Yes, the budget is balanced, but some key indicators are worrisome, says Jordan Bateman
It was a day of re-announcements and pre-announcements in B.C.’s 2019/2020 provincial budget.
Finance Minister Carole James spent a lot of time recapping last year’s budget measures before dangling a few carrots – mainly for B.C. families – next year. (If you’re a spring election truther, this gives your theory ammunition – the NDP could run for re-election on a child tax break.)
But the clearest message in this year’s budget is that the NDP think B.C.’s economic growth will continue unabated – despite warning signs from other world economies and in our own statistics.
While they post a modest surplus of $274 million on a $59 billion budget spend, the NDP borrow at almost Trudeau-like rates: adding $14.4 billion in new debt over the next three years. That’s a staggering $400 million per month.
Typically, governments borrow in bad times, not good ones. James is taking the opposite tact, which means less flexibility in future years, if the economy turns sour.
Housing starts are a leading indicator for the provincial economy. Buried deep in the budget documents is a concerning stat: starts will drop a third from 43,664 in 2017 to 30,517 in 2021. This undercuts the NDP’s professed desire for housing affordability by limiting supply. It also puts thousands of construction jobs at risk.
Incredibly, despite this one-third drop in new housing, the NDP Budget claims the property transfer tax will remain steady at $1.9 billion per year. This almost beggars belief.
Further, the NDP are predicting a billion-dollar turnaround at both ICBC and BC Hydro. After ICBC lost $1.18 billion this year, they say ICBC will only lose $50 million next year. Further, BC Hydro will move from a $424 million loss to a $712 million profit, in one year. So, brace yourselves for big rate hikes at both.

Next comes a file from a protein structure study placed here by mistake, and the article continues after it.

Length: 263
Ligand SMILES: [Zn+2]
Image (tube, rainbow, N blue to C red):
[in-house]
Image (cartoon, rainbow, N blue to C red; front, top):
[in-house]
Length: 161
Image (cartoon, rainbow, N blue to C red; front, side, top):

There was no money in the budget for a Massey Tunnel replacement, no Surrey SkyTrain, no Highway 1 expansion east of Langley.
This is where the NDP’s sweetheart deal with its friendly Building Trades Union bites them.
Even the Transportation Minister has previously said this monopoly will add at least 7 per cent to the cost of major construction projects; other estimates from groups like the Canadian Federation of Independent Businesses, have been as high as 40 per cent.
Instead of trying to stretch every taxpayer dollar as far as it can to get the best value, the NDP Government is continuing its terrible plan to feather their union buddies’ nests. Overspending on a few select projects means no money for these other pieces of necessary infrastructure.
But the biggest issue is the lack of preparation for an inevitable downturn. Asian economies are slowing, and the U.S. is coming back to earth after a couple of years of overperforming. Red tape, higher taxes and roadblocks against investment will affect B.C.’s economic performance.
Winter is coming, but the BC NDP is taxing, borrowing and spending like they don’t have a care in the world.
Jordan Bateman has a long history of public policy work, championing small business and fiscal responsibility. Currently the Vice President, Communications & Marketing for the Independent Contractors and Business Association (ICBA), Jordan also served six years as the B.C. Director of the Canadian Taxpayers Federation, and was a two-term Langley Township Councillor